Pryde I am using the HEQ5 with SynScan at the moment.
OK, noted. I will try SynScan later today. Except for the Passthrough stuff, SynScan and Celestron protocols are virtually identical.
By the way, one of the parameters that I also did not fiddle with is the side of the pier when you start out.
I will try to see if I can force the side of the pier to be different when I experiment later. I can understand why some mounts will not move if the pier side causes a slew to cross the Meridian (a GOTO with OTA on different side of a pier causes the mount to do a Meridian flip, and that is another reason ASIAIR has to use slewing to turn the RA axis by 60 degrees instead of using a GOTO. The problem is that MountSim will not not inhibit movement, so the physical mount may freeze, but MountSim will still move (virtual mount, no OTA to hit the pier :-).
We definitely don't want a Meridian flip when doing polar alignment since the flip turns the Declination motor too, and not just by a little bit.
"By the way, as a side note, the ASIAIR does not execute a Meridian Flip -- the mounts do that. All ASIAIR does for Meridian flipping is to wait for an object to cross the Prime Meridian, and then execute a GOTO to the same RA,DEC coordinate. Once the object is west of the Meridian, the mount will execute a Meridian Flip when asked to do a GOTO, if it finds that the OTA is on the wrong side of the pier for the object -- if object is East of the meridian, the OTA has to be West of the pier, and vice versa). All ASIAIR does for Meridian flipping is to issue GOTO commands at the proper time -- that is why Local Sidereal time (or Longitude + UTC + UTC offset) is so darn important when it comes to Meridian Flipping."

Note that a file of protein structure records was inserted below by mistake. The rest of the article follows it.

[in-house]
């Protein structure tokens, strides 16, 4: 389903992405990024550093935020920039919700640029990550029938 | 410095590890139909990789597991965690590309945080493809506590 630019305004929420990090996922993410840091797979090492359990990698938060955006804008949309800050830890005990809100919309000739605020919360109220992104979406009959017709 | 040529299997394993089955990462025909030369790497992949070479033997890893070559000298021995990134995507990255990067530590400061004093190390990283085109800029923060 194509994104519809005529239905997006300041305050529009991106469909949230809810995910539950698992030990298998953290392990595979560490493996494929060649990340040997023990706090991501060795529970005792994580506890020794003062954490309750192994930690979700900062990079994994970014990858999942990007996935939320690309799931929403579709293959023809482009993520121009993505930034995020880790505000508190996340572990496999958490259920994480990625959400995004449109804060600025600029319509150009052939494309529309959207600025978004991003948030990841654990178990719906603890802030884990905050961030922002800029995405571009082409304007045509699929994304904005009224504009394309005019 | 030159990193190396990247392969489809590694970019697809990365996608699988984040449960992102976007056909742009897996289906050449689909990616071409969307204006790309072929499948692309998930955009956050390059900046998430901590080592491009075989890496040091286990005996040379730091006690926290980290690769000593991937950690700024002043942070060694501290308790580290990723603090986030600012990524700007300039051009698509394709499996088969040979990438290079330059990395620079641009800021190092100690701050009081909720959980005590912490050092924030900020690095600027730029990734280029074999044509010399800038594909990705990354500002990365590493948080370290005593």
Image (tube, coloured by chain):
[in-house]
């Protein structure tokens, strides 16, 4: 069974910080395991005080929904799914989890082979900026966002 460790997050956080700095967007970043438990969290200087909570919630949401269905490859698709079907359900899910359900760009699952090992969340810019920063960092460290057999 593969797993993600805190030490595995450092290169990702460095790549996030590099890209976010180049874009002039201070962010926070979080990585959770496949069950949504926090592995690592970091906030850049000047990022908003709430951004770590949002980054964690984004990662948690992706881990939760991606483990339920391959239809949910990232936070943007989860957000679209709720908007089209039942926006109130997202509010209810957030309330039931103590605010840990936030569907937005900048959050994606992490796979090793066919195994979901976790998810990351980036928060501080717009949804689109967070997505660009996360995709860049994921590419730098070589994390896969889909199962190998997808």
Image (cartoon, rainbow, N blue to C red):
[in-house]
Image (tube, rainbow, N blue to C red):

Another aside... I am also planning to do a test with polar
alignment accuracy with different declination angles. I am in conversation in a different thread on how to polar align when the NCP is a little below the roofline or horizon, and that requires a starting and ending declination angle that is many degrees from the pole (ASIAIR allows up to 30 degrees). But my early experiments with the simulator shows that the polar error becomes larger with increasing declination from the pole; I just did not record the number. So, once I set the camera up pointed carefully at the center of MountSim's window (I have a target that I can turn on or off to line up with the ASIAIR crosshairs), I might as well try to kill two birds with one stone.
I’ll carry on playing with it while its daylight here (England)
Ah, here is the west coast of the Colonies, it is only noon time at the moment :-).